Friday, January 27, 2023

Interview with Reinildis van Ditzhuyzen

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DIPLOMAT MAGAZINE “For diplomats, by diplomats” Reaching out the world from the European Union First diplomatic publication based in The Netherlands Founded by members of the diplomatic corps on June 19th, 2013. Diplomat Magazine is inspiring diplomats, civil servants and academics to contribute to a free flow of ideas through an extremely rich diplomatic life, full of exclusive events and cultural exchanges, as well as by exposing profound ideas and political debates in our printed and online editions.

By Bonnie Klap, Editor in Chief

It is no mean feat to capture the multi-faceted career of Reinildis van Ditzhuyzen in a few sentences. Apart from being a well-known personality  on Dutch, German and French television, she is a historian, journalist and author of close to two dozen books on topics varying from history and culture, to etiquette and Royalty.

It is because of her vast expertise on the latter, that I sit down with her this month, as on April 26th  The Netherlands will celebrate its first Kings Day with a new King.

Q: Obviously it is a big moment when somebody gets to meet the King. What is the correct etiquette?

A: “First of all: You can never introduce your self. If the King happens to be present at some event  or reception, you can not just walk up to him and say ‘hello.’ The King must always take the initiative. People are usually introduced to the King through courtiers.  Generally speaking the rule is: never go to a higher ranking person. When meeting the King there is no need to bow. Queen Juliana, King Willem-Alexander’s Grandmother, abolished this rule, but for instance when meeting the Queen of Britain, Spain or Denmark, people should bow.”

Q: The Dutch Monarchy has the reputation of being a rather laid-back and relaxed Monarchy, as opposed to for instance the British Monarchy. Is this true?

A: “Yes, it is true. I have been travelling with the former Queen Beatrix and last June I also went to Germany with the new King. He is more relaxed than his Mother, but of course it is necessary to keep that distance, that dignity.”

Q: Why did you accompany  HM the King to Germany last June?

A: “ Well, I write books about the House of Orange and also about etiquette. For me these trips are very important as I see up close how the Monarchy functions.  I don’t go along on all State visits, but the trips are very interesting, also regarding how the Protocol works. I will give an example: The rule is, that there may never be an empty seat next to the King, so  when the King attends a lecture and the person sitting next to him gets up to deliver a speech, then immediately somebody will move next to the King. This is all arranged beforehand of course. Queen Juliana detested Protocol. For instance, if she would visit  a theatre, she would say: ‘Just pretend I’m not here.’ Consequently all the people would  get confused and had to improvise. Should they help her into her coat, or not, that kind of thing. Protocol is useful and helps everything  to run smoothly. Queen Beatrix understood this and when she succeeded her Mother, Queen Juliana, she changed it, as she knew: Protocol ensures an orderly organization.”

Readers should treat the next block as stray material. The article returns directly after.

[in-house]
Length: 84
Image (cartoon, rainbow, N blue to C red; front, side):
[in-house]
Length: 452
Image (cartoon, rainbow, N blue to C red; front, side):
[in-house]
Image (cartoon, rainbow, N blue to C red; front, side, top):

Q: I understand discretion is of the utmost importance in your position. Still, is there perhaps an anecdote, some small tidbit about HM the King, that you can share with the readers?

A:  “During the trip to Germany the King also visited the Opel-factory. There was a  hall filled with Opel-employees and the King was seated on a separate stage together with a number of people, who were selected beforehand. After a while the King turned around to the group of people, who were not on the stage and started talking to one of them. You could clearly see how delighted that person was. In this instance the King broke the protocol, but in a very nice way. Everybody was very excited. I would also like to mention the advantage of Monarchy. Monarchy brings stability and continuity, because a King or Queen will be there for 20 or 30 years, whereas Prime-Ministers come and go. We have had the House of Orange for centuries and they also mean identity. We are a small country and the Royalty gives us that extra myth, tradition and the  fairytale-aspect. People need the fairytale-aspect.”

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